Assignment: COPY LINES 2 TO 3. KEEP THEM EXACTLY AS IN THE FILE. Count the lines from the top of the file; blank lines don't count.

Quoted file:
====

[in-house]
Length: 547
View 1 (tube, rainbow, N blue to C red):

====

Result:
Length: 547
View 1 (tube, rainbow, N blue to C red):